My impression is that many of our goals are ‘glocal’, i.e. local as well as global in character. Hence it is no coincidence that many of them have directly been taken over by protests at other universities. Not only that. Many professionals in other public sectors recognize our problems as similar to theirs. Everywhere the same opposition between management and professionals, and everywhere the feeling that intrinsic goals have been taken over and subjected to the goals of financialization and efficient management, resulting in ever more control, paperwork and top down management.

So maybe it’s possible to see the protests as part of a more general attempt to end the ‘tragedy of the commons’ (Ewald Engelen). In our specific case ‘ending the tragedy of the commons boils down to putting a halt to the ‘rise of the global corporate university’. As Robin Celikates en Enzo Rossi have stated, corporatization has changed the university into “the bureaucratic equivalent of a sausage-factory: the production of the knowledge-sausage at minimum cost for the maximum number of consumers”.

To end this process, Re-think, HR and D.NU first of all need: A central public space for deliberation and alternative programming. That space has now become the Maagdenhuis. Hence, in terms of strategy, it is clear that the hall of the maagdenhuis should remain under the control of D.NU as long as possible. This remains so, even when D.NU decides to end the occupation. The Maagdenhuis has to remain a space where those concerned can discuss what is at stake: “the meaning of the university, the societal future of public institutions, and the right to self-determination or self-governance of those who perform the core tasks at such institutions.” (Donya Alinejad). The symbolic meaning of this place cannot be overvalued.

More generally, reflections on the meaning of ‘place’ instead of ‘space’ has to remain an important focus of our discussions. A good place to start the ‘re-appropriation of public space’ might be Helios Guia´s letter, addressed to the General Assembly, and the members of Re-think and Humanities Rally of 19 march. Maybe Art-rethink can take this up too, in cooperation with members of HR and D.NU. Julie McBrien has also started to discuss the differences between managerial and democratic or academic forms of the appropriation of space.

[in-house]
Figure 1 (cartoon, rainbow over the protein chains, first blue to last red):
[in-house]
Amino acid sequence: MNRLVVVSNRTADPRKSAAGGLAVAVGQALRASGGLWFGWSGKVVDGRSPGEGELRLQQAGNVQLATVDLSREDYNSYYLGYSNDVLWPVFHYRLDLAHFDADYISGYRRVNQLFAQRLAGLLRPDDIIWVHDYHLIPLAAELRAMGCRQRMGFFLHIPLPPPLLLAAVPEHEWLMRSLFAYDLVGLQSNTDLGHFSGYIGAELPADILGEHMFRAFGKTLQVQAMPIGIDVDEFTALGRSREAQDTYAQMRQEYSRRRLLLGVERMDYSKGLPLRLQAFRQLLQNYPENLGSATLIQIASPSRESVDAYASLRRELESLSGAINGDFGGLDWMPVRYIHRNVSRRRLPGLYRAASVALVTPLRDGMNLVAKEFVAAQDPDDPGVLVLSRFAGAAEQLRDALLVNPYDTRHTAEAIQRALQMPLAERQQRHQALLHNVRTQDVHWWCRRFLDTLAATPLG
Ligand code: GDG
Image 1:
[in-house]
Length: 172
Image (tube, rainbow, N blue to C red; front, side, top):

I think it is also clear that we need to join forces:

  1. We have to that university-wise, between the different faculties and departments within UvA to democratize the university, and decentralize decision-making -this in order to ensure that the goals of education and research are served by management instead of the other way round. Personally, meeting with students, teachers and researchers form other disciplines and experiencing how different approaches can mesh and become part of the same movement has taught me more about the value of interdisciplinary approaches than any academic discussion.
  2. We also have to join forces education-wise against ‘Den Haag’. That means joining forces, (a) between different universities together and (b) between those involved in primary, secondary, and higher education more generally. In that respect we need to demand an end to the politics of austerity and an increase in government spending on education.
  3. In the third place we have to join forces labor-wise between white collar as well as blue collar professionals, i.e. between all those whose work has been subjected to industrial regimes of quantification, targeting, and top down control, which now not only prevail in the blue collar, but also in the white collar world.
  4. We will also need to discuss and take action on income differentials and flexcontracts. Referring to the university as a ‘community’ is only possible when income differentials aren’t too high. The same goes for flex-contracts. When 55 % of those teaching within the UvA have flex-contracts without any decent career-prospects, and can be fired at whim, then there is something deeply wrong this institution. D.Nu has shown that in terms of organizational capacity it can be the equal of the CVB: so why should members of the CVB earn the salaries they do? As far as income-differentials are concerned, a case can be made that the differential between the highest paid and the lowest paid should be no greater than, say, 7 to 1. As to the temporary job-structure, new forms of flexibility will have to be devised. Finally, given the rise of the app-economy, aptly symbolized by Uber, we will also have to protect the university from becoming the next app in a service-economy where education becomes free but educators become transformed into the meagerly paid servants of the rich.
  5. We also need to join forces in order maintain the independence of the university: a university should not receive more than a limited proportion of its research funding from companies or individuals for whom it is working directly; and a significant proportion of the research should be entirely free of all economic and intellectual strings, so that the humanities and pure sciences can have a place. We need a fundamental debate on how research is financed through the “eerste, tweede en derde geldstroom”.
  6. Finally Rethink has to further develop its position papers on teaching, research, the temporary job structure at the UvA, and on democracy. In the coming weeks these papers deserve to be more widely discussed.